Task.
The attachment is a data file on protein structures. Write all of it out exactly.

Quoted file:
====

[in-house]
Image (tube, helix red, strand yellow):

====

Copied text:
[in-house]
Image (tube, helix red, strand yellow):